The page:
Plant settled in Charles County after his military service, at least for a few years. He was a modest farmer, who probably did not own any land, although he did have one slave. On June 5, 1788, he married Mary Ann Davis (b. ca. 1770) in Charles County. They had four children together: Grace (sometimes called Grayson), Sarah, John, and Nathaniel. [5]

By 1808, the family had settled in Prince William County, Virginia, not far from Washington, DC. Plant apprenticed his sons to masters in the city that spring. John was indentured to William Worthington, a cabinetmaker, and Nathaniel to a cordwainer, or shoemaker, in Georgetown. Only six months later, in November or December, John Plant died. In 1835, Mary Ann applied for a Federal veteran's pension as the widow of a Revolutionary War soldier, and she eventually was awarded $95 per year. She died in 1841. [6]

- Burkely Hermann, Maryland Society of the Sons of American Revolution Research Fellow, 2016; Owen Lourie, 2017


1. Muster Rolls and Other Records of Service of Maryland Troops in the American Revolution, Archives of Maryland Online, vol. 18, 6; Pension of John Plant, Revolutionary War Pension and Bounty-Land Warrant Application Files, National Archives, NARA M804, W 26908, from

2. Mark Andrew Tacyn "'To the End:' The First Maryland Regiment and the American Revolution" (PhD diss., University of Maryland College Park, 1999), 48-73; Return of the Maryland troops, 27 September 1776, from For more on the experience of the Marylanders at the Battle of Brooklyn, see "In Their Own Words," on the Maryland State Archives research blog, Finding the Maryland 400.  

3. Compiled Service Records of Soldiers Who Served in the American Army During the Revolutionary War, National Archives, NARA M881, from; Archives of Maryland Online vol. 18, 149; Frederick Stueben, Regulations for Order and Discipline of the Troops of the United States, Part I (Philadelphia: Styner and Cist, 1779), 98-100; List of receipts of soldiers who were paid upon discharge, 27 December 1779, Maryland State Papers, Revolutionary Papers, box 3, no. 7-21, MdHR 19970-3-7/21 [MSA S997-3-94, 1/7/3/9].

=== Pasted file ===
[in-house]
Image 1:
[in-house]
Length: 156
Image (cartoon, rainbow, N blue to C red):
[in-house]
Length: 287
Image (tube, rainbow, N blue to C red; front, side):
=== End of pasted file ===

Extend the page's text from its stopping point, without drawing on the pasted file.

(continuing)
4. Uriah Forrest to George Washington, 17 August 1780, Founders Online, National Archives; Mordecai Gist to George Washington, 26 October 1780, Founders Online, National Archives; Pension of Charles Smith, Revolutionary War Pension and Bounty-Land Warrant Application Files, National Archives, W 25002, from; Journal and Correspondence of the Council of Maryland, 1779-1780, Archives of Maryland Online Vol. 43, p. 234, 273; Pension of Alexander Lawson Smith, Revolutionary War Pension and Bounty-Land Warrant Application Files, National Archives, NARA M804, W 4247, from; Rolls of Extraordinary Regiment, 1780, Revolutionary War Rolls, 1775-1783, National Archives, NARA M246, from; Richard John Batt, "The Maryland Continentals, 1780-1781" (PhD diss., Tulane University, 1974), 78-81.

5. General Assembly House of Delegates, Assessment Record, 1783, Charles County, Seventh District, p. 9 [MSA S1161-5-4, 1/4/5/48]; Plant pension; Will of John Plant, 1808, Prince William County, Virginia, p. 414; Apprenticeship of Nathaniel Plant, 1808, Indentures of Apprenticeship, Washington County, District of Columbia, Orphans Court, 1801-1811, p. 171, National Archives, NARA M2011; Apprenticeship of John Plant, 1808, p. 171.

6. John and Nathaniel Plant indentures; Plant pension; Plant will; Journal of the House of Representatives of the United States, 1835, p. 390.